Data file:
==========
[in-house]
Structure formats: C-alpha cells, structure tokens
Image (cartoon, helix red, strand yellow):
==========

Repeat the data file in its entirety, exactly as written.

[in-house]
Structure formats: C-alpha cells, structure tokens
Image (cartoon, helix red, strand yellow):